• The Villains   While “bad” guys (such as Gilgamesh) can become “good guys” (a theme we often see with the anti-hero), most often, they remained bad. Some, like Oedipus and Arthur, unwittingly comment dastardly deeds, but these heroes do not necessarily keep sliding into perdition, but must find a way to redeem themselves.  Other villains revel in their villainy. The trickster god is a seen throughout various mythoi, but the intent of their trickery varies.  In Greek myth, Hermes is a trickster, but his trickery (though frustrating) is not of an “evil” bend; on the day he is born, he steals Apollo’s cattle, covering up the theft by having the cows walk backwards.  In Norse myth, the trickster is Loki. Interestingly enough, tricksters in Native American myth are also named “Loki”— whether this is a cosmic coincidence or when the Norse tried to colonize North America one cultures was influenced by the other is not known.
  • Loki   In Norse myth, the trickster is Loki, and his shenanigans are much more serious. Although Loki might not have been so maligned in early myth (he and Odin are sometimes called “brothers” and Loki, a male mother, gives his offspring, Sleipnir (an eight legged horse), to Odin. Loki’s nature takes a turn for the worse, though, and not only is he responsible for the death of Baldur, he refuses to cry for the dead god which prevents his resurrection. Loki is a key figure in bringing about Ragnarok, the Destruction of the Gods.  Gods from the time period in which they were “active” are difficult to find; in this eighteenth century rendition, his garb is closely related to that of traditional jesters/jokers—real life “tricksters.”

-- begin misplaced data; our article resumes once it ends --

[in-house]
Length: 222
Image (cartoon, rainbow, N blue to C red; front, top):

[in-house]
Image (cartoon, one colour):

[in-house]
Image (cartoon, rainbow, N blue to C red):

•  The fool from Camelot and Lear’s fool notwithstanding, Loki is “well-dressed” in jester’s garb; the joker/clown is a trickster who is nominally harmless, but not to be trusted.  The Joker in Batman is no laughing matter—the most recent is much scarier than the 1960’s TV series character played by Cesar Romero.